Is there a way to limit the time of a current output pin state?

I have the if statement below that will turn pin10 to high when a condition is true. In this case sensorValue < 10
the sketch will keep pin 10 on for as long at the condition is true. What I would like to do is code some sort of time limit for which pin 10 can be HIGH. In other words I want to set pin 10 to high for a maximum time of 1 minute regardless in the event the if condition is true for longer than 1 minute. The goal of this is to not damage a component being actuated by pin 10. Think of this as a failsafe.

I googled a bit but nothing came back with anything close enough for me to understand.
see the standard code below.

int sensorValue = 0
int sensor1 = A0

Void Setup () 
{pinMode (pin10, OUTPUT);}

void Lop ( ) {
analogRead(sensor1);
if (sensor1 < 10)
  {
    digitalWrite(pin10, HIGH);
  }
else
  {
    digitalWrite(pin10, LOW);
}

Count the time (millis) that has passed since it went high. Change the if value to include || (OR) and change to low if state changes, OR time has lapsed.

Check the BlinkWithoutDelay sketch for millis example.

Look at the attached sketch for an example .

garagesensor.ino (2.45 KB)

crullier:

int sensorValue = 0

int pin10 = 10

pinMode (pin, OUTPUT);

Void loop( ) {
if (sensorValue < 10)
  {
    digitalWrite(pin10, HIGH);
  }
else
  {
    digitalWrite(pin10, LOW);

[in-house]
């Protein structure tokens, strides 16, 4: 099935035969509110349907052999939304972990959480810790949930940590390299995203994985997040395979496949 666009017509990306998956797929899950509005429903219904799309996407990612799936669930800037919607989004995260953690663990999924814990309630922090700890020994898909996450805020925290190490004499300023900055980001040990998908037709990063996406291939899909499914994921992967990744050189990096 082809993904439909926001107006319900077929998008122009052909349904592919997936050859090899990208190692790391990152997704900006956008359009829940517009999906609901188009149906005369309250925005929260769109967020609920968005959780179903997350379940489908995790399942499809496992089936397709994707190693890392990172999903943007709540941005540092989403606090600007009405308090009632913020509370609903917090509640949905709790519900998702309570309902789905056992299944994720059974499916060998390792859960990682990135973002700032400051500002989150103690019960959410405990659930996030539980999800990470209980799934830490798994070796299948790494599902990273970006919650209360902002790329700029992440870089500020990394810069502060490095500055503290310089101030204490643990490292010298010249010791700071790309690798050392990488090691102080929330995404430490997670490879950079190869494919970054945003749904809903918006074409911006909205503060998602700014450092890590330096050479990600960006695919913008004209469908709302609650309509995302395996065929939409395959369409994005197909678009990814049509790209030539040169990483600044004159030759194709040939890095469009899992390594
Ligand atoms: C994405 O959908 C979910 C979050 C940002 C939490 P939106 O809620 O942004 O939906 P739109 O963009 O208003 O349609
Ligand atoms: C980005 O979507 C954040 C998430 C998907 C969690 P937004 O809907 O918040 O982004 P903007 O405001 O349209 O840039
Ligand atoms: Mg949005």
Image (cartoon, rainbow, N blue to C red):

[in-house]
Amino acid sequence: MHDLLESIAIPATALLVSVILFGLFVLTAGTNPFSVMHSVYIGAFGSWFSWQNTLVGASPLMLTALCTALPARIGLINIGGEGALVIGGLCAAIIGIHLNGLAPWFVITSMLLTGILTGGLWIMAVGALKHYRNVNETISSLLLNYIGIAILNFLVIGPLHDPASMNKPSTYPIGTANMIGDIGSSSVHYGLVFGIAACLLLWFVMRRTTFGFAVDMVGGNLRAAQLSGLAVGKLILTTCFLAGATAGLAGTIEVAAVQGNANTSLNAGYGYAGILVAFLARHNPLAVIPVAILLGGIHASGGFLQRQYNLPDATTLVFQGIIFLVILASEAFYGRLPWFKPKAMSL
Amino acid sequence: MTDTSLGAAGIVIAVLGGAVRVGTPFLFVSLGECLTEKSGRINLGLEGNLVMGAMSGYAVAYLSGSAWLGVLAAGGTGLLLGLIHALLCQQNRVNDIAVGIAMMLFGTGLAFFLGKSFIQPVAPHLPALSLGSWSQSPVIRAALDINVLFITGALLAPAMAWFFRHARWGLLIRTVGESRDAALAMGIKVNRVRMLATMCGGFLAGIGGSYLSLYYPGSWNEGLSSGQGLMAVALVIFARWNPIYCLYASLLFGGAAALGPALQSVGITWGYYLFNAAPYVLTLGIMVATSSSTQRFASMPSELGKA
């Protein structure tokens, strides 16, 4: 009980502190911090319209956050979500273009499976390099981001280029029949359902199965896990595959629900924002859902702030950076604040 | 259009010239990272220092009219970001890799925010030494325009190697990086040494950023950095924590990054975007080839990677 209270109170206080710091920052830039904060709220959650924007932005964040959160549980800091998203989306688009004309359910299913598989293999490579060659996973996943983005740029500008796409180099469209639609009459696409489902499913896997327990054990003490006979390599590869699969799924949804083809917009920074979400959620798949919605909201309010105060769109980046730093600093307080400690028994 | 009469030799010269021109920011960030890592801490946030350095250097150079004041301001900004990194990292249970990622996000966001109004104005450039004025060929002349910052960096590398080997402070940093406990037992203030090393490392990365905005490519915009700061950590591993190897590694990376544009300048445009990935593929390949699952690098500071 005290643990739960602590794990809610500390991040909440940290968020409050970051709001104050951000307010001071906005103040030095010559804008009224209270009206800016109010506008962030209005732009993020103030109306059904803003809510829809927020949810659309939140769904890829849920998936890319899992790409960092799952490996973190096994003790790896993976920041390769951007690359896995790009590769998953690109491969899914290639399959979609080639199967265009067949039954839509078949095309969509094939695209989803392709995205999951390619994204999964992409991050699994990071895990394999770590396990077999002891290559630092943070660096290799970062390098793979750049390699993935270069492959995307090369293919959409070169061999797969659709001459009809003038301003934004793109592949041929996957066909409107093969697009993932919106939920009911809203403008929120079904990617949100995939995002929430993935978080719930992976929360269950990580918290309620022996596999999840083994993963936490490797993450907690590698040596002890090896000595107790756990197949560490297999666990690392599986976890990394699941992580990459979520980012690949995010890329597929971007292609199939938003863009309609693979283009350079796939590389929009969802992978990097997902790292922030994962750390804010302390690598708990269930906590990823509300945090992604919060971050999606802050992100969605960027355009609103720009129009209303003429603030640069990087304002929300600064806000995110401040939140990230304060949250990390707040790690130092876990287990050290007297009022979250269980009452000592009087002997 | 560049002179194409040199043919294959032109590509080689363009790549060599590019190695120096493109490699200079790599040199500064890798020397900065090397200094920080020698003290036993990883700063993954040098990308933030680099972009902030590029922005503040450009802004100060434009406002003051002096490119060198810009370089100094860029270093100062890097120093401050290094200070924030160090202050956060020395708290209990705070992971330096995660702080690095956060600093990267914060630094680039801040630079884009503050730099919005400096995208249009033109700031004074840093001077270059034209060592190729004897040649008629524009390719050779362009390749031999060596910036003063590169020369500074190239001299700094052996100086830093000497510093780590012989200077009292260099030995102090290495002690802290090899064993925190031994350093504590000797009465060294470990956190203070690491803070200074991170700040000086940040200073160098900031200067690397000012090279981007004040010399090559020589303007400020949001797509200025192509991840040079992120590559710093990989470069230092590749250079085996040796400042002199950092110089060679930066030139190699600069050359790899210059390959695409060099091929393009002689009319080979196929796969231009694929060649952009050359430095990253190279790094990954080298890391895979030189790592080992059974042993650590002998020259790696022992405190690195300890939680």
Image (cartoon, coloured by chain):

}

Does sensorValue magically get a vallue assigned to it?
pin10 is an input. Why do you expect it to be an output?
That code won’t compile.
Perhaps they can help you at http://snippets-r-us.com/

Does sensorValue magically get a vallue assigned to it?

ha ha ha.. (that's one way to say you forgot to do an analog read....)

haha you guys are so "cruel" =) I made a mistake on the coding but yes "magically" I get an alternating sensor value for my expression.

in the code you shared:

The variable blpinstatus checks for the state of the output and run the timer. great I will look at more example if milli( )

This morning when I woke up I was thinking that just like in your example, the times had to be actuated by the state of the pin. I am glad I am starting to think in terms of how the hardware and code need to work even if I do not know the syntax.

If you ask yourself a question before you go to sleep, you will wake up with the answer…

interesting how that works eh?

That's called background process programming ( I just made that up... XD)

What this shows is that it's best to capture the required process somehow, before going anywhere near the IDE and typing a load of code in. Various approaches to diagramming exist for that very purpose: old-school traditional flowcharts, structure charts, state diagrams and so on.

Or, as you say, sleep on it.... problem with that is (for me anyway) is that if I wake up in the middle of the night with a light-bulb moment the light-bulb goes out immediately and in the morning the idea has seeped away.